Al-Jazeera, the pan-Arabic news channel, has always battled charges of bias, both from government officials in the Middle East and from those in Washington. But on Monday, the bias claims came from an unusual source: other Middle Eastern journalists.
In an unusual episode, al-Jazeera’s reporters were kicked out of a news briefing held by the Egyptian military in Cairo after the shooting of dozens of supporters of Mohammad Morsi, the nation’s ousted president. According to an Associated Press account, the al-Jazeera journalists left the meeting amid chants from the crowd of “Out! Out!”
The incident comes at a sensitive time for the satellite network, which is preparing to launch an ambitious news channel for American viewers. The channel, al-Jazeera America, will debut next month in about 50 million cable homes. It will replace Current TV, the low-rated channel that al-Jazeera purchased in January from former vice president Al Gore and other investors for a reported $500 million. Soledad O’Brien, the former CNN host and reporter, is among several high-profile American journalists hired by the channel.
Al-Jazeera’s rude reception in Cairo probably reflects a perception that has been building since even before Morsi and his political party, the Muslim Brotherhood, won and lost power in Egypt over the past year: that al-Jazeera and its owner, the royal family of the oil-rich Persian Gulf state of Qatar, have been supporters of Morsi and the Brotherhood. With Egypt now deeply divided, those alleged loyalties have cast al-Jazeera into disfavor among Egypt’s anti-Morsi faction.
An al-Jazeera spokesman, in an e-mail, called the expulsion of its journalists “intimidation” and denied any favoritism in its coverage. “We’ve always given all sides of opinion airtime on al-Jazeera. It’s our mantra,” said the spokesman, Osama Saeed. “As we saw at today’s astonishing press conference, though, large sections of the Egyptian media object to this open-minded ethos.”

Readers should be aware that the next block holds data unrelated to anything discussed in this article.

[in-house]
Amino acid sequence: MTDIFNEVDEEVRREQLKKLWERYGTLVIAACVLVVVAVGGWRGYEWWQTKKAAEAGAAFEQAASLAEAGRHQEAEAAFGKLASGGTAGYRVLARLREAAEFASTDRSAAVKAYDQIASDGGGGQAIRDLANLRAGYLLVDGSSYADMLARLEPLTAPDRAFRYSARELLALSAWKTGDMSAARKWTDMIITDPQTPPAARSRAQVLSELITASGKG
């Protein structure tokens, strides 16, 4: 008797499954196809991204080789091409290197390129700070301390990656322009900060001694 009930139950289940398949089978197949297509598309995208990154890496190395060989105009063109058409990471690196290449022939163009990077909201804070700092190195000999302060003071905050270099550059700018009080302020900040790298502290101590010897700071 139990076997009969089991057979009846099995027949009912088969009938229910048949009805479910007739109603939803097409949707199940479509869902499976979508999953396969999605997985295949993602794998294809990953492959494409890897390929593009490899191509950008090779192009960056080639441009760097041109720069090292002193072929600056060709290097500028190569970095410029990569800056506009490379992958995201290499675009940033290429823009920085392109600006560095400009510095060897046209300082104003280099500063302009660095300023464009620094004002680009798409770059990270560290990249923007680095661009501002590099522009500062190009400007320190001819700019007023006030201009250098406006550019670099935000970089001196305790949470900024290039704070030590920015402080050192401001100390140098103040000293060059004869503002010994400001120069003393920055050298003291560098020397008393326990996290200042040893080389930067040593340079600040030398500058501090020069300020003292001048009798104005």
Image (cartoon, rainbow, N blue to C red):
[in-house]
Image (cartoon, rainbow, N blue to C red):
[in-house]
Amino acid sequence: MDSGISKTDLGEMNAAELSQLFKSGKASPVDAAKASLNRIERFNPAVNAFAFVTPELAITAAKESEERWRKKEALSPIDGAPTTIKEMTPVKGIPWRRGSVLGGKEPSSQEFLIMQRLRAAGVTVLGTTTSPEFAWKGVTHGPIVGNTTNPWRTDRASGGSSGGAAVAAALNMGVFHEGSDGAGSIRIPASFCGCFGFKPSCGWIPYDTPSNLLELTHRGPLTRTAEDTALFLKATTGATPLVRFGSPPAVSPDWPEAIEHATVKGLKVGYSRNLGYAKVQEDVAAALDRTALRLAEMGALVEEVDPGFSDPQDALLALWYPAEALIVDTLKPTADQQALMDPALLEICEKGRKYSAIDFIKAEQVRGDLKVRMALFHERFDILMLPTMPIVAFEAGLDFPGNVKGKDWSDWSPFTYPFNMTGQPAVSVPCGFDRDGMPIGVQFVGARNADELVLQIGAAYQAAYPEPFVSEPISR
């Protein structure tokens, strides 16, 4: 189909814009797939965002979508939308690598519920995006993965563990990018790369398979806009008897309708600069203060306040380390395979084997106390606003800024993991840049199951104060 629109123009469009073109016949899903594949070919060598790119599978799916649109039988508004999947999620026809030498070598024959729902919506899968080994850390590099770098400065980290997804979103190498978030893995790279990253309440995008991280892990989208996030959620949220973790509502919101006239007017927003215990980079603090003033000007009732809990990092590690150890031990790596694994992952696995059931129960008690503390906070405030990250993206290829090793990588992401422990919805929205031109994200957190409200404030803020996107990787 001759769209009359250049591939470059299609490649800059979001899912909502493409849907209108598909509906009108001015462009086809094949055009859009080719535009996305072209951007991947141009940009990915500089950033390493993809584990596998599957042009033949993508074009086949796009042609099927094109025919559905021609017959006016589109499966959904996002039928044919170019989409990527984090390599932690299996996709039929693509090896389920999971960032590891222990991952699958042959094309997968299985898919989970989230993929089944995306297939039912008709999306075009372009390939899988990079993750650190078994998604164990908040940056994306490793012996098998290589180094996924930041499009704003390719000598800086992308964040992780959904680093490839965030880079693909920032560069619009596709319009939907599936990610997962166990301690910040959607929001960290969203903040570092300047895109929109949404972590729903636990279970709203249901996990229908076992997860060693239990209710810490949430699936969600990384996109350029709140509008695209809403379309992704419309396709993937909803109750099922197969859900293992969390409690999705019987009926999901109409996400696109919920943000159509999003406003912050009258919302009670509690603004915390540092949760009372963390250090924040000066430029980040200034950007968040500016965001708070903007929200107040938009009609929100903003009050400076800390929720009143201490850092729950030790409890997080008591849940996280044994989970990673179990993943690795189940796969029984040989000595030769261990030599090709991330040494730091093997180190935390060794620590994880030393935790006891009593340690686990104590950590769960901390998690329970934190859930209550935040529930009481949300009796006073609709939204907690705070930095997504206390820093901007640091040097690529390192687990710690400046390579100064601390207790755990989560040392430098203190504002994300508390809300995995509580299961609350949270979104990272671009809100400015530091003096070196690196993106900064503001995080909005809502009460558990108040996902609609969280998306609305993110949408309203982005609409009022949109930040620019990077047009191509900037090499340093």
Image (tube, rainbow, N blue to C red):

Once hailed as a democratizing force in a region dominated by government-owned or -controlled news media, al-Jazeera’s independence from the politics of its Qatari owners has been challenged in recent years.
Many Western commentators noted al-Jazeera’s limited coverage of the uprising against Bahrain’s ruling family and its brutal suppression in 2011, contrasting it with its robust coverage of other popular revolts during the so-called Arab Spring. Qatar and Bahrain are close allies.
What’s more, “Al-Jazeera’s breathless boosting of Qatari-backed rebel fighters in Libya and Syria, and of the Qatar-aligned Muslim Brotherhood in Egypt, have made many Arab viewers question its veracity,” the Economist wrote earlier this year. “So has its tendency to ignore human-rights abuses by those same rebels. . . . ”
The magazine said that several of the network’s journalists, including star correspondents, have quit over political disagreements. Among them was Dave Marash, the former “Nightline” correspondent and WRC-TV anchor who quit in 2008 as an anchor for al-Jazeera English — the global, English-language spinoff of the Arabic channel — because of what he viewed as a “reflexive adversarial editorial stance” against Americans, primarily by the network’s British managers. Several staff members at al-Jazeera Arabic reportedly quit in protest on Monday over the network’s Egyptian coverage.
Al-Jazeera has “definitely taken the pro-Morsi side” in its Egyptian coverage, said Steven Stalinsky, executive director of the Washington-based Middle East Media Research Institute (MEMRI), an organization that monitors Arabic media and describes itself as nonpartisan.
He said the network’s management and journalists have long-standing ties to the Brotherhood; among others, its former chairman, Wadah Khanfar, was a member. Among its talk-show hosts is Yusuf al-Qaradawi, a Muslim cleric and Brotherhood adviser whom Stalinsky describes as “anti-Western, anti-Semitic and anti-American.”
Al-Jazeera’s opinion programs have been dominated by pro-Morsi pundits, and some of its journalists have openly supported the Brotherhood in postings on social media, said Mansour al-Hadj, who directs a MEMRI project on reform in Arab and Muslim countries.
But al-Hadj said he expects al-Jazeera America to take a more moderate tone, just as al-Jazeera English has moderated some of the political passions of the Arabic network. “I don’t think they’ll do the same thing” on the American network, he said. “It’s a different audience, and they need a different perspective. They’re not going to make fools of themselves by saying things that are misleading” or strongly partisan.
Philip Seib, author of “The Al Jazeera Effect,” a 2008 book about the network’s influence in the Arab world, concurs. Although the Arabic network “is perceived as strongly pro-Brotherhood,” the American version won’t be, he said.
“I don’t think you’ll see al-Jazeera America touting the Muslim Brotherhood,” Seib said. “It will be more like CNN. They want [the American channel] to be successful, and they know it can’t be a mirror image” of its Arabic and English-language forebears. All three are ”operating in their own political environments.”